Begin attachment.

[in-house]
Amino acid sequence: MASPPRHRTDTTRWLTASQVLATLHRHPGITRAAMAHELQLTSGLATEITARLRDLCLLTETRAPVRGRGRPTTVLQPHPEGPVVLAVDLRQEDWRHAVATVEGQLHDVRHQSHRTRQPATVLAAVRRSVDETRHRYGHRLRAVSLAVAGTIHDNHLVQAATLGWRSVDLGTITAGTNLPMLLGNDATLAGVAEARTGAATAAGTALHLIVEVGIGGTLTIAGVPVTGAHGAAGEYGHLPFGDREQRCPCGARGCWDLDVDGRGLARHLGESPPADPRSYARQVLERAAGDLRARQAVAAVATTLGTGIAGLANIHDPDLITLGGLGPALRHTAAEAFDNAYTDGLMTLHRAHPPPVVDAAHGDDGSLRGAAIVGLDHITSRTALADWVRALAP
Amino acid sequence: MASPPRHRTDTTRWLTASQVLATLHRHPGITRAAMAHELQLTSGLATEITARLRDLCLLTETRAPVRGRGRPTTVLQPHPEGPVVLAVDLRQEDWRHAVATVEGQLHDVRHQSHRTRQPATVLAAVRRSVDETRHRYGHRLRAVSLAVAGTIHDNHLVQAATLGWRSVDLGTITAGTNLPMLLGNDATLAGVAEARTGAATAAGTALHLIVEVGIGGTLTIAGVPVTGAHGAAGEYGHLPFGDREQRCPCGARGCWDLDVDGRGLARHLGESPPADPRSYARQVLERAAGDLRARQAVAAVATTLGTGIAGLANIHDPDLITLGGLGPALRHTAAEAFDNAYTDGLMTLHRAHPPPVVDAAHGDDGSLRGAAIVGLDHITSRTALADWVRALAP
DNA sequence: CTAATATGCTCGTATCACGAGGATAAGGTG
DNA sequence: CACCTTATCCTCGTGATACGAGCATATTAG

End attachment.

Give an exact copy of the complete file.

[in-house]
Amino acid sequence: MASPPRHRTDTTRWLTASQVLATLHRHPGITRAAMAHELQLTSGLATEITARLRDLCLLTETRAPVRGRGRPTTVLQPHPEGPVVLAVDLRQEDWRHAVATVEGQLHDVRHQSHRTRQPATVLAAVRRSVDETRHRYGHRLRAVSLAVAGTIHDNHLVQAATLGWRSVDLGTITAGTNLPMLLGNDATLAGVAEARTGAATAAGTALHLIVEVGIGGTLTIAGVPVTGAHGAAGEYGHLPFGDREQRCPCGARGCWDLDVDGRGLARHLGESPPADPRSYARQVLERAAGDLRARQAVAAVATTLGTGIAGLANIHDPDLITLGGLGPALRHTAAEAFDNAYTDGLMTLHRAHPPPVVDAAHGDDGSLRGAAIVGLDHITSRTALADWVRALAP
Amino acid sequence: MASPPRHRTDTTRWLTASQVLATLHRHPGITRAAMAHELQLTSGLATEITARLRDLCLLTETRAPVRGRGRPTTVLQPHPEGPVVLAVDLRQEDWRHAVATVEGQLHDVRHQSHRTRQPATVLAAVRRSVDETRHRYGHRLRAVSLAVAGTIHDNHLVQAATLGWRSVDLGTITAGTNLPMLLGNDATLAGVAEARTGAATAAGTALHLIVEVGIGGTLTIAGVPVTGAHGAAGEYGHLPFGDREQRCPCGARGCWDLDVDGRGLARHLGESPPADPRSYARQVLERAAGDLRARQAVAAVATTLGTGIAGLANIHDPDLITLGGLGPALRHTAAEAFDNAYTDGLMTLHRAHPPPVVDAAHGDDGSLRGAAIVGLDHITSRTALADWVRALAP
DNA sequence: CTAATATGCTCGTATCACGAGGATAAGGTG
DNA sequence: CACCTTATCCTCGTGATACGAGCATATTAG